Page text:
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What Are the Educational Requirements to Becoming an Optometrist?

By Jessica F. Black
Updated May 17, 2024
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Several degrees are generally required to become an optometrist and the educational process may take as many as eight years to complete. Some of the primary tasks of an optometrist are to examine, diagnose, and treat a patient's optical problems. Most jurisdictions will require that you are licensed to practice medicine in this field before you can become an optometrist. Prior to working on your doctorate degree, you should consider enrolling in a pre-optometry undergraduate program that can prepare you to enter this profession. In addition, you may be required to complete several practicums before seeking employment.

Some universities offer degree programs that concentrate on pre-optometry coursework and you may want to consider consulting university staff regarding your course schedule. Aside from prerequisites, most programs in this field may focus on medical-based courses that can prepare you for a doctorate optometry program. Courses in this program may include advanced physiology, human anatomy, microbiology, and organic chemistry. Due to the highly scientific nature of this program, many of your courses may be accompanied by laboratory work which can help prepare you to become an optometrist. Although internships may not be offered in this field during your undergraduate years, you may want to seek part-time or volunteer positions at an optometry clinic to gain practical experience.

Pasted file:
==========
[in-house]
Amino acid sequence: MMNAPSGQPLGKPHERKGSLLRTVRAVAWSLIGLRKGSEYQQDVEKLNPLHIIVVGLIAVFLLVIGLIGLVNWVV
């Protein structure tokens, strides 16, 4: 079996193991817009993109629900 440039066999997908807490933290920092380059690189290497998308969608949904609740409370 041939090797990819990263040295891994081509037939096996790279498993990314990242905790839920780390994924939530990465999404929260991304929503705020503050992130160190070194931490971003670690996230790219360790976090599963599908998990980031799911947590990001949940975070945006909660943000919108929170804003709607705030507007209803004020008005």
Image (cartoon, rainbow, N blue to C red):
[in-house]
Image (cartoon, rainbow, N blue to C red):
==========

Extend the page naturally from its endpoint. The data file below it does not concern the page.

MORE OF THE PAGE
After you have completed your bachelor's degree program, you will need to apply to an optometry degree program which generally successful completion of an admissions exam. At this level, the doctor of optometry (O.D.) program may take at least four years to complete and offers progressive coursework. Before enrolling in advanced courses, you may be required to complete several semesters of fundamental coursework including integrative optometry, ocular biology, clinical sciences, and biomedical sciences. Most have up to three levels to complete.

The fourth year of these programs is generally devoted to incorporating clinical practicums into your curriculum which can allow you to begin gaining experience in the field. Practical experience is almost always required to become an optometrist and future employers may request recommendation letters from supervising instructors. After the completion of your O.D. program, you may be required to take a licensure examination in the jurisdiction that you intend to practice medicine before you can officially become an optometrist. Several places that you may consider seeking employment include optical stores, optical clinics, hospitals, and private practices.

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